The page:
Excavations at the Pharr Mounds and the Bear Creek Site
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Bear Creek


The plain pottery wares described below have not been assigned to named types for two reasons. First, plainware typology has not evolved sufficiently, at least in northeast Mississippi, to be of much use. Some of the existing types, for example, have extremely wide distribution in space and time. In other cases, types from different areas which appear to be very similar, at least in the literature, have been given different names. The second reason is that in the instances where significant types have been set up, as in the sand tempered wares, samples were not available for comparative purposes.

The proveniences of pottery sherds and vessels in the Bear Creek mound and village are given in tables 1 and 2.

Shell Tempered Wares

Plain, coarse temper (fig. 11)

The vast majority of the pottery is the typical coarse, Middle Mississippi ware. The paste is poorly wedged and abundantly tempered with large particles of crushed shell. The predominant shapes are small to large jars with low, gently outturned rims. Pairs of narrow strap handles are common. A thickened strip of applique had been added to the exterior of one rim to form a notched flange. The only other vessel shape represented is a hemispherical bowl with a straight rim which is notched on the exterior.

TABLE 1.--Provenience of pottery sherds, Bear Creek Site
(click on image for a PDF version)

TABLE 2.--Provenience of pottery vessels, Bear Creek Site

Feature 3 Village
Plain, course (shell)
Moundville Incised (shell)3

Long Branch Fabric Marked (limestone)


Plain, fine temper (fig. 9a-c)

The paste of this ware is fine and compact in texture and the temper is finely ground. It is much harder than the coarse ware and the vessel walls are generally thinner. In color, the sherds tend to be tan or gray. The reds and browns which predominate in the previous type are rare. Only two rim sherds were recovered, both representing jars with low, gently outflaring rims.

The sherds described here are related to the fine shell tempered ware which is widespread in the Southeastern United States (Phillips, Ford, and Griffin, 1951, pp. 125-126). Two nearby analogues are Bell Plain in the Mississippi Alluvial Valley (ibid.) and an unnamed category from the Guntersville Basin (Heimlich, 1952, p. 23).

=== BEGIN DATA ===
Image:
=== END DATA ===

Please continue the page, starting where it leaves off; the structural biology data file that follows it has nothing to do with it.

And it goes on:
Moundville Incised (figs. 9d and 11)

References: Heimlich, 1952, p. 24; and DeJarnette and Wimberly, 1941, p. 83.

The sherds exemplifying this type are similar in paste characteristics to the coarse plainware. Medium size to very large jars with outturned rims, which tend to be more nearly straight than the curved rims of the plain vessels, are represented.

The decorative motif, consisting of a series of arches encircling the upper portion of the body, is executed by series of four lines, single lines, or a single line with closely spaced lines at right angles to it. There are four sherds in which troweling of the unhardened clay had produced a ledge which formed the arches. The ledge was flanked by closely spaced lines perpendicular to it or rows of stick punctates.

The arch motif was apparently quite common during Late Mississippian times (Sears, 1964, p. 279). A similar treatment is found on vessels of the Mouse Creek culture of east Tennessee, which is on a protohistoric time level (Kneberg, 1952, p. 198, p1. 110v). Similar vessels were also found at the Bessemer Site, where they were associated with a Moundville ceramic complex (DeJarnette and Wimberly, 1941).

Moundville Filmed-Incised (fig. 10d)

Reference: DeJarnette and Wimberly, 1941, p. 84; and Heimlich, 1952, pp. 28-32 (described under "black filmed shell tempered ware").

Two sherds, probably from the same vessel, belong in this type. The vessel appears to have been a plate. The design was incised on the interior and consists of circles filled with parallel lines. Both interior and exterior are black filmed and polished. The paste of these sherds is very fine and the temper particles are very finely ground.

Barton Incised (fig. 9f)

Reference: Phillips, Ford, and Griffin, 1951, pp. 114-119, figs. 86 and 95.

A single rim sherd with a crudely incised design is of this type.

Barton Incised was identified in the Lower Mississippi Alluvial Valley, where it is found throughout the Mississippi time period. Analogous types are apparently quite rare along the Tennessee River in north Alabama.